Page last updated at 00:06 GMT, Saturday, 28 March 2009

'I felt alone with my MS'

By Jane Elliott
Health reporter, BBC News

George Pepper
George set up the new site to help young people network

George Pepper was just 22 when doctors told him he had multiple sclerosis.

He and his family say that in a strange way, they were relieved by the diagnosis of MS - they thought his blurred vision and continuous vomiting were the probable signs of a brain tumour.

In the first 15 months after diagnosis George had seven relapses.

Symptoms ranged from slurred speech, difficulty walking and losing feeling in his body - this was so severe he could not feel temperatures and after some nasty burns had to resort to testing bath water by drinking it.

Peer support

He knew little about his condition, which affects the central nervous system (the brain and spinal cord), but as he was told it was mainly a disease diagnosed in young people he expected a lot of peer support.

However he says this was not the case. "I found it very difficult to find young people like me. All the people I met at the hospital clinics people were far older.

There are a number of tricky issues where sharing experiences can help such as how to tell a date that you have MS?
George Pepper

"Peer support would have been a great benefit."

So George from Leeds decided to help fill the gaps he experienced - setting up a website 'Shift. ms.' to tackle the issues that young people like himself were concerned with - including dating, sex, starting a family, work and long-term-relationships.

Keeping active

Today George, now 26, is reasonably fit and well, although he does get easily fatigued. He is leading an active lifestyle and recently returned from a skiing trip.

And he said the website was somewhere he hoped others would, like him, be encouraged to test their boundaries.

George Pepper
George knew little about MS when diagnosed

"The website is somewhere for people with MS to find advice and to be encouraged to do all the things they have always done.

"It is in your 20s and 30s that you are making decisions about your career, relationships, and the future, so having peer support is a great comfort and a practical benefit.

"There are lots of things you need to think about, such as future children - I was advised to bank my sperm because of a slight risk from the chemotherapy I was having to treat my MS.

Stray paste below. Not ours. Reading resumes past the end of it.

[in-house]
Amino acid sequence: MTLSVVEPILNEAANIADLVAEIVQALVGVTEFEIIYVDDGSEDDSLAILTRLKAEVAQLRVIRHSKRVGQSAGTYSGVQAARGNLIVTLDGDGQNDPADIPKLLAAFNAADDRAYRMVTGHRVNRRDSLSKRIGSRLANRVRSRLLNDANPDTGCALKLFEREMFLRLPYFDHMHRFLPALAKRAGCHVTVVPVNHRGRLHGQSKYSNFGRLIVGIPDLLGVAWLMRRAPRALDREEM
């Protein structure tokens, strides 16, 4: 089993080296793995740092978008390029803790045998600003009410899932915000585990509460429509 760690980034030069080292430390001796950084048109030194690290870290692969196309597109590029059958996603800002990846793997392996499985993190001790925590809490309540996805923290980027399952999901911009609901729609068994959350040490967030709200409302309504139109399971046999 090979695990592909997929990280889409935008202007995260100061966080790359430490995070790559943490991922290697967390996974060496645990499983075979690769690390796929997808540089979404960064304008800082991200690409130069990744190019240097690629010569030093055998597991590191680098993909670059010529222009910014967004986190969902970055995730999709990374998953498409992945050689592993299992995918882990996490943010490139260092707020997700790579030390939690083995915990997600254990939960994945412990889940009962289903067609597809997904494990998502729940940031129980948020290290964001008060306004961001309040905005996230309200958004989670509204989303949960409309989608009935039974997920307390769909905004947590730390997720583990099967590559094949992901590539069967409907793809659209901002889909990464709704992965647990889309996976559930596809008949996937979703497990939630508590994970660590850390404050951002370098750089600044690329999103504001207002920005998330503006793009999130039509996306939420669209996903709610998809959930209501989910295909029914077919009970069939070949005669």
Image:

"There are also a number of tricky issues where sharing experiences can help, such as how to tell a date that you have MS.

"We also have a section on the website called 'sex drugs and rock 'n' roll' - where people can discuss things that they perhaps do not want to ask their doctor, such as 'can I continue taking my ecstasy now I have MS?"

And because the site is aimed specifically at the young it uses social networking sites and encourages people to upload their own videos.

Aimed at the young

Dr Simon Shields, a consultant neurologist at the Norfolk and Norwich University Hospital and a trustee of 'Shift.ms.' said the site would fill a gap for many young people - dealing with particular issues they might have.

"MS is the most common neurological condition that we diagnose in young people and the age of diagnosis average at about 30.

"These are young and active people who are generally well and want to lead their lives, and they can do because they have remissions. Their life can continue with some adjustments.

George Pepper
The website is aims to be interactive

"One major benefit of this site is that it is designed with young people who are using the internet a lot and it is fun to use.

"It also has the ability to create contacts so people can interact in a way that other websites cannot.

"MS is fairly well supported medically, but if you have a problem or feel embarrassed the access is often easier to talk to someone who is going through it.

"I have learnt a lot from patients who come and tell me about their experiences and keeps me current - sometimes more than medical journals."

Jayne Spink, of the MS Society, added: "There has been a distinct lack of appropriate information and support for children and young people affected by MS, and the MS Society has worked hard to improve this.

"It's good to see 'Shift.ms' exploring the niche of social networking."

George said he hoped that young people using his site could link up with other people with MS who live nearby.

"Much of the website is user-generated and people can contact others in nearby areas with similar interests.

"It's also a great resource for those with MS to pass on to friends and family."



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